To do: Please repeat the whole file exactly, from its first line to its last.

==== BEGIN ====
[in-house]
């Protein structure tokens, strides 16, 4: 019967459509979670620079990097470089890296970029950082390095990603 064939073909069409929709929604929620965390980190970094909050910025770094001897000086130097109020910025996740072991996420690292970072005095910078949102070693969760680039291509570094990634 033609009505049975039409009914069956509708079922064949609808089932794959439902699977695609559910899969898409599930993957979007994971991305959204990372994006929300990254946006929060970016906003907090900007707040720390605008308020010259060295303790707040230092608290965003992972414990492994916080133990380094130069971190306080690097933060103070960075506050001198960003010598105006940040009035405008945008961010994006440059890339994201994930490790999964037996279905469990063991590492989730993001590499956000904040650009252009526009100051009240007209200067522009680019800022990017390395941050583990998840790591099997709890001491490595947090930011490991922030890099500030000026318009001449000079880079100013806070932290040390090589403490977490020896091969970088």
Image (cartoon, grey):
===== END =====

[in-house]
């Protein structure tokens, strides 16, 4: 019967459509979670620079990097470089890296970029950082390095990603 064939073909069409929709929604929620965390980190970094909050910025770094001897000086130097109020910025996740072991996420690292970072005095910078949102070693969760680039291509570094990634 033609009505049975039409009914069956509708079922064949609808089932794959439902699977695609559910899969898409599930993957979007994971991305959204990372994006929300990254946006929060970016906003907090900007707040720390605008308020010259060295303790707040230092608290965003992972414990492994916080133990380094130069971190306080690097933060103070960075506050001198960003010598105006940040009035405008945008961010994006440059890339994201994930490790999964037996279905469990063991590492989730993001590499956000904040650009252009526009100051009240007209200067522009680019800022990017390395941050583990998840790591099997709890001491490595947090930011490991922030890099500030000026318009001449000079880079100013806070932290040390090589403490977490020896091969970088």
Image (cartoon, grey):